Fibrosarcomas

Fibrosarcomas are a type of fibroblastic tumour. This means they grow from cells in fibrous tissue.

Fibrosarcomas are rare and form about 1 out of every 100 (1%) soft tissue sarcomas. They can grow in the:

  • deep tissues of the arms or legs
  • chest and tummy (abdomen)
  • head and neck

Other types of fibroblastic tumours

Other types that are cancerous (malignant) include:

  • solitary fibrous tumour
  • myxofibrosarcoma
  • low grade fibromyxoid sarcoma
  • sclerosing epithelioid fibrosarcoma

Rhabdomyosarcomas

Rhabdomyosarcomas develop from skeletal (striated) muscle cells. This is the type of muscle that you can control (voluntary muscle). Rhabdomyosarcomas can develop anywhere in the body. 

There are several types:

  • embryonal rhabdomyosarcomas (more common in children, rare in adolescents and adults)
  • alveolar rhabdomyosarcomas (more common in adolescents and adults)
  • pleomorphic rhabdomyosarcoma (most common in adults)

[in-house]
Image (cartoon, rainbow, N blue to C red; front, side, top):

• spindle cell or sclerosing rhabdomyosarcoma
  • ectomesenchymoma

Soft tissue Ewing sarcomas

Ewing sarcomas most commonly start in a bone. Rarely, it can start in soft tissues. Soft tissue Ewing sarcoma is called extraskeletal Ewing sarcoma. Extraskeletal means they are outside the bone.

These soft tissue tumours behave a bit differently from other types of soft tissue sarcoma. They're usually treated in the same way as Ewing sarcoma that starts in the bone.

Synovial sarcomas

Synovial sarcomas are a type of tumour of uncertain differentiation. This means they are made up of cells that don’t look like any specific type of soft tissue. So, it is hard to say where the cancer started.